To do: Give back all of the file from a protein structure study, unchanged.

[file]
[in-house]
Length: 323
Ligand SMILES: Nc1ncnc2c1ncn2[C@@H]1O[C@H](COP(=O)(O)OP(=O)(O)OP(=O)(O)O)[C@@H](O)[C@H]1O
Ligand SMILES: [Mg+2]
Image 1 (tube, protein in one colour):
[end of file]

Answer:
[in-house]
Length: 323
Ligand SMILES: Nc1ncnc2c1ncn2[C@@H]1O[C@H](COP(=O)(O)OP(=O)(O)OP(=O)(O)O)[C@@H](O)[C@H]1O
Ligand SMILES: [Mg+2]
Image 1 (tube, protein in one colour):